Hibbert’s energetic and funky delivery and gruff, soulful vocals are unmistakable. Hailing from the small town of May Pen, Jamaica, Frederick “Toots” Hibbert has had a profound effect on the growth and development of ska and reggae. This diminutive and unique singer grew up as the youngest member of a large Pentecostal family. As a youth he sang gospel music in the church choir, an influence that can still be heard in his music. While still a teenager, he moved to Kingston and formed a vocal group, the Maytals, with Henry “Raleigh” Gordon and Jerry Matthias. Backed by the Skatalites and produced by Clement “Coxsone” Dodd, the trio eventually had chart success. The infectious rhythms and energy of the group easily outshone the efforts of another young trio, the Wailers. Toots and the Maytals went on to work with top Jamaican producers including Byron Lee, Prince Buster, and Leslie Kong, and had 39 number one hits in Jamaica. Hibbert is often credited with penning the first song to use the word reggae in 1968’s “Do the Reggay.” Rolling Stone ranked Toots Hibbert #71 in their list of the 100 greatest singers of all time (Marley was number 19). He never reached the popularity of Marley.
This, in spite of his European and American tours, the renewed interest in the Maytals emerging from the ska revival, and the subsequent covers of Hibbert’s work by the Clash and the Specials. Despite being a Rastafarian, he has forgone the growth of dreadlocks, preferring to internalize his over standing of Rastafari. This may also have something to do with Hibbert’s former occupation as a barber. Hibbert is still touring, collaborating extensively, and releasing albums at the age of 64.
The name of Bob Marley has become synonymous with reggae, and he remains the most well-known musician in the genre. Born in Nine Mile, St. Ann Jamaica to Cedella Booker, Marley grew up without knowing his white father, Norval Marley. Although Norval provided financial support, he was absent from Marley’s life and died when Bob was only ten. Marley’s mixed heritage caused him to be teased as a youth, but the young Marley knew how to defend himself, if need be, with his fists. His surprising strength and toughness earned him the nickname Tuff Gong. Along with his childhood friend and stepbrother, Neville O’Riley Livingston (Bunny Wailer), Marley was fascinated by the Jamaican music scene and the rude boy culture. The young Marley and Livingstone dropped out of school to pursue musical careers under the tutelage of the Rastafarian vocal coach Joe Higgs. It was here that they met Peter McIntosh with whom they formed the core of the band that became known as the Wailers. The Wailers were signed by Clement “Coxsone” Dodd, recording a number of minor hits. After a brief hiatus in Delaware, Marley returned to Jamaica and became a Rastafarian. After a dispute, the Wailers left Dodd to join the great Lee “Scratch” Perry and his Upsetters band. Taking the Barrett brothers along with them, the Wailers signed to Chris Blackwell’s Island label, releasing two albums in 1973, Catch a Fire and Burnin’. Both albums sold well, but it was not until Eric Clapton recorded a cover of “I Shot the Sheriff” that Marley became truly visible on the international music scene. Both Tosh and Bunny left the band at this point, unhappy with the rigorous tour schedule and intent on pursuing solo careers. Despite the loss of two of the original members of the Wailers, Marley retained the band’s name adding a percussionist, three backing vocalists and two lead guitarists to his band. In 1974, Marley released Natty Dread, which included his well-received hit, “No Woman, No Cry.”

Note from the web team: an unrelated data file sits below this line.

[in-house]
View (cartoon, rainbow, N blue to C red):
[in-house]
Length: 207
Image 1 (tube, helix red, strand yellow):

Although he was becoming noticed in the United States, Marley’s American breakthrough finally arrived with 1976’s Rastaman Vibration, peaking at number 8 on the Billboard 200 charts. That same year, Marley agreed to participate what was supposed to be a free non-partisan event, the Smile Jamaica concert organized by Prime Minister Michael Manley. Politics were a deadly game in Jamaica, with supporters of the Jamaican Labour Party and the People’s National Party often warring violently. Perhaps this was why Marley, his wife, and his manager were all wounded by unidentified gunmen in a night-time raid. Marley had minor wounds to the chest and arm, but refused to bow to the pressure and played the concert anyways. Marley left Jamaica soon afterwards and recorded his Exodus and Kaya albums, both of which had massive international success. Exodus went on to be named the best album of the 20th century by Time Magazine while Rolling Stone placed it at 169 in the 500 greatest albums of all time. Marley’s following albums, Survival and Uprising, were more political in their scope and sold 3x and 5x platinum respectively. Unbeknownst to his fans, Marley had contracted a malignant form of cancer sustained from a wound from a rusty cleat while playing soccer. Despite his cancer and deteriorating health from ’76 onwards, Marley continued to tour and record. When he finally sought treatment it was too late, and he succumbed to the cancer on February 6, 1981. Eight of Marley’s children are currently involved in music, with three of them (Ziggy, Stephen, and Damian) having received multiple Grammys for their efforts. Marley’s songs continue to inspire the oppressed everywhere, and his music remains widely loved throughout the world.
Honorable Mentions: Laurel Aitken, Max Romeo, John Holt, Sugar Minott, David Hinds (Steel Pulse), Barrington Levy, Lucky Dube, Bunny Wailer, Jacob Miller, Beres Hammond, Luciano.